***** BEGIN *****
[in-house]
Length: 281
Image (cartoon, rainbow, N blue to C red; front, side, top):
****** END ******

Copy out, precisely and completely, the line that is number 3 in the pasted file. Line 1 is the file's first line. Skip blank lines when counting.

Image (cartoon, rainbow, N blue to C red; front, side, top):